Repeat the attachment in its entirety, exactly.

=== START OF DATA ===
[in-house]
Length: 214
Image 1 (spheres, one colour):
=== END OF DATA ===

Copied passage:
[in-house]
Length: 214
Image 1 (spheres, one colour):